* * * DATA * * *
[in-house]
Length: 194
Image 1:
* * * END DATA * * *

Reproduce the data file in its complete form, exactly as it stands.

[in-house]
Length: 194
Image 1: